In the Gospel of John, the term “the Jews” carries a polemical edge and sounds like a pejorative. The reader quickly gets the impression that whoever “the Jews” were, they were not very nice and that Yeshua and His disciples were not Jews. In the Gospel of John, it almost sounds as if “the Jews” are the opposite of Yeshua’s disciples.
How does one explain the “us-versus-them” tone in the Gospel of John, which seems to depict “the Jews” in antithesis to Yeshua? The Johannine community of the late-first century and early-second century consisted primarily of Gentiles, perhaps still bitter over their recent expulsion from the synagogue. That social situation might color the way the story gets told, but originally, there was no such distinction. Yeshua, John the Immerser, the disciples, and all the earliest believers were also Jews.
In his Jewish New Testament, Messianic Jewish scholar David Stern suggested that we should translate the Greek Ioudaioi (“Jews,”) as “Judeans.” Judeans were Jews from the Roman territory of Judea and under the political authority of Pontius Pilate. In that sense, the term “Judeans” can be understood in contrast to Jews of Galilee and Perea. Yeshua and His disciples were all Galileans. Galileans were also Jews, but they were not Judeans.
David Stern’s explanation doesn’t work in every instance, but most of the time it’s spot on. The Gospel of John tends to group the religious and political authorities in Jerusalem under the broad label “the Jews,” i.e., “the Judeans.” In that sense, John’s use of the term “the Jews” is not a description of Jewish people in general; instead, it refers specifically to the political and religious leadership of Pharisees, Sadducees, and Herodians, including the Sanhedrin. For example, John 1:19 says “the Jews sent to [John] priests and Levites from Jerusalem” to interview him. Obviously the term “the Jews” does not apply to all the Jews but rather to the religious authorities in power in Jerusalem. John later clarifies the matter, “Now they had been sent from the Pharisees” (John 1:24).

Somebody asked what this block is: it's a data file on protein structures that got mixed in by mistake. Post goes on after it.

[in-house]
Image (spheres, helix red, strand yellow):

Even with this understanding in place, we need to guard against anti-Semitic theological assumptions. Not all Pharisees were hypocrites, and not all of them opposed the ministries of John the Immerser and Yeshua. Josephus describes the Pharisees as esteemed by the common people and known for their careful explanations of Torah. Unlike their theological opponents the Sadducees, the Pharisees believed in man’s free will, the survival of the soul, the resurrection of the dead, and reward and punishment after death. The Pharisees also anticipated the coming of Messiah. They hoped for the advent of the Messianic Kingdom.
That explains why the Pharisaic leadership of Jerusalem was curious about the ministry of John the Immerser. John seemed to speak their language and represent their theological concerns. They sent a delegation to Bethany beyond the Jordan to inquire into the man’s calling and ministry and to determine whether he was a messianic pretender or, perhaps, really sent by God.